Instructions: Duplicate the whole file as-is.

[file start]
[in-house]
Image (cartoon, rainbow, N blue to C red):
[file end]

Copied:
[in-house]
Image (cartoon, rainbow, N blue to C red):